But on the other hand, there are certain side effects or disadvantages associated with use of supply side policies to facilitate economic performance. Supply-side policy can take a long time to work its way through the economy. For example, improving the quality of human capital, through education and training, is unlikely to yield quick results (Cohen and Klepper, 2012). The benefits of deregulation can only be seen after new firms have entered the market, and this may take a long time. In addition, supply-side policy is very costly to implement. For example, the provision of education and training is highly labor intensive and extremely costly, certainly in comparison with changes in interest rates. Furthermore, some specific types of supply-side policy may be strongly resisted as they may reduce the power of various interest groups. For example, in product markets, profits may suffer because of competition policy, and in labor markets the interests of trade unions may be threatened by labor market reforms (Rhoades, 2015). Finally, there is the issue of equity. Many supply-side measures have a negative effect on the distribution of income, at least in the short-term. For example, lower taxes rates, reduced union power, and privatization have all contributed to a widening of the gap between rich and poor.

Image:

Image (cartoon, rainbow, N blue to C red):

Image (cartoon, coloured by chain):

Some of the supply side policies used by UK government during time of 1980s to 1990s are as follows:
Privatization: There has been an extensive privatisation campaign, most of the major utilities such as Gas, Water and Electricity were sold by the government and floated on the stock market. In some industries like telecommunications it has led to more competition, lower prices and better quality of service (Berger and Hannan, 2008). However it has been difficult to introduce competition into the water industry. Rail Privatisation has been unsuccessful with the government having to effectively renationalise the railways.
Income tax cuts: In the 1980s income tax was cut especially for the better off. The top rate of income tax fell from 60% to 40%. Overall the tax burden has not fallen because the government has increase indirect taxes such as VAT (Millmow, 2009).
Reduced power of trade unions: The power of trades unions has fallen because of laws making it more difficult for unions to operate. As well as supply side policies, the decline of manufacturing industries reduced the influence of trades in many industries like coal and steel. There are now less days lost to strikes and wage inflation has not been a problem like in the 1970s (Chronis and Strantzalou, 2008). But still many workers are less protected and may get lower wages leading to greater inequality.
Deregulated financial markets: The government has deregulated the financial services market, for example building societies can act like banks, and more institutions can now offer mortgages, this led to more competition and lower borrowing costs. However, the credit crunch of 2008-09, illustrated the problem of less regulated financial markets.